The Educational Programs and Curriculum Committee proposed a master of business administration program for the Baldwin City campus during Tuesday's Baker University Faculty Senate meeting.
"It is a 15-(month) program as proposed," Professor of Biology Darcy Russell said. "It begins with a module in the summer and follows with six additional modules over the next period of time, with one break at Christmas. It is a rigorous program."
The program would be the first master's program available on Baker's Baldwin City campus.
Some faculty members didn't see the difference in having a master's program on the Baldwin City campus compared to having the program at the School of Professional and Graduate Studies campuses in Kansas City, Mo., Lee's Summit, Mo., Topeka, Wichita and Overland Park.
Gary Irick, chair of business and economics department, said the difference between the master's program in Baldwin City and the program at SPGS is that it is aimed at different types of students.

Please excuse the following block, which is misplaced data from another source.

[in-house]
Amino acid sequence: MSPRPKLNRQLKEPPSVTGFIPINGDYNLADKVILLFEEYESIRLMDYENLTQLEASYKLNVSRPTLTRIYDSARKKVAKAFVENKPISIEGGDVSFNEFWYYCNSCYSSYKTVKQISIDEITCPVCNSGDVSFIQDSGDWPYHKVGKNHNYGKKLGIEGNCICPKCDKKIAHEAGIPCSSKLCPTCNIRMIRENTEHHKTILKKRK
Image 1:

"SPGS is directed at adult students who are working full-time, and this program is directed toward full-time students who are full-time students," he said.
Members of the EPC think having the master's program in Baldwin City will have significant collateral benefits for undergraduate students at Baker.
"It's also focused as early career, so the expectations is these kids are not yet necessarily launched at a full-time career yet," Judy Smrha, assistant dean for student engagement and success, said. "Maybe not exactly right after they graduate, but almost right after they graduate."
The goal objective of the EPC is to start the program in June 2012, with the possibility of having between 15 and 30 students enrolled.
A town hall meeting is scheduled for 10 a.m. Wednesday in Mabee Hall, room 100, for those with any questions pertaining to the program.
Faculty senate will vote on the proposal at its May 17 meeting at 4:15 p.m.
University President Pat Long addressed faculty senate about the budget.
"For the second year in a row, we'll end in a positive revenue over expense," she said.
Long said if the university has excess money, she will be talking to deans about what kind of money can be put back into classrooms.